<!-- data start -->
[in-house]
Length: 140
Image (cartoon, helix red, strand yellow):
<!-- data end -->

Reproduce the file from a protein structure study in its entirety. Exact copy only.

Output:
[in-house]
Length: 140
Image (cartoon, helix red, strand yellow):